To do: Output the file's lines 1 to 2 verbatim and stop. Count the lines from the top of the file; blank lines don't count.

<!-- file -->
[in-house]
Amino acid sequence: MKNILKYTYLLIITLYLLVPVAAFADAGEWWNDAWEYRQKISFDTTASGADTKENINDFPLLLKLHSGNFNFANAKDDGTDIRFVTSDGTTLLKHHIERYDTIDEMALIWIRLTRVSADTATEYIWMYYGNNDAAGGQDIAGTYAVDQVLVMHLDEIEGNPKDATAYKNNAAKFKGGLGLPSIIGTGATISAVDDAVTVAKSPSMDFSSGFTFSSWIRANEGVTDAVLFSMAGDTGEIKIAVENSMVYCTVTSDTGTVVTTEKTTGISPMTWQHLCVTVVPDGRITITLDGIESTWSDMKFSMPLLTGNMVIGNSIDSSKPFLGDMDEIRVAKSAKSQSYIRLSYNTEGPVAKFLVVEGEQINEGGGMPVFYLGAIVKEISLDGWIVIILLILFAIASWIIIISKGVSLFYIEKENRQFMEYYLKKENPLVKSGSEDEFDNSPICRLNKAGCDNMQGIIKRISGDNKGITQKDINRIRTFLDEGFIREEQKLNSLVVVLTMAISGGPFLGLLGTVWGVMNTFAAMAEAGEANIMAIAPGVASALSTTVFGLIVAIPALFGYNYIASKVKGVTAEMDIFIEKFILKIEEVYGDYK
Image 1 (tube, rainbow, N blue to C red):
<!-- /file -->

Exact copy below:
[in-house]
Amino acid sequence: MKNILKYTYLLIITLYLLVPVAAFADAGEWWNDAWEYRQKISFDTTASGADTKENINDFPLLLKLHSGNFNFANAKDDGTDIRFVTSDGTTLLKHHIERYDTIDEMALIWIRLTRVSADTATEYIWMYYGNNDAAGGQDIAGTYAVDQVLVMHLDEIEGNPKDATAYKNNAAKFKGGLGLPSIIGTGATISAVDDAVTVAKSPSMDFSSGFTFSSWIRANEGVTDAVLFSMAGDTGEIKIAVENSMVYCTVTSDTGTVVTTEKTTGISPMTWQHLCVTVVPDGRITITLDGIESTWSDMKFSMPLLTGNMVIGNSIDSSKPFLGDMDEIRVAKSAKSQSYIRLSYNTEGPVAKFLVVEGEQINEGGGMPVFYLGAIVKEISLDGWIVIILLILFAIASWIIIISKGVSLFYIEKENRQFMEYYLKKENPLVKSGSEDEFDNSPICRLNKAGCDNMQGIIKRISGDNKGITQKDINRIRTFLDEGFIREEQKLNSLVVVLTMAISGGPFLGLLGTVWGVMNTFAAMAEAGEANIMAIAPGVASALSTTVFGLIVAIPALFGYNYIASKVKGVTAEMDIFIEKFILKIEEVYGDYK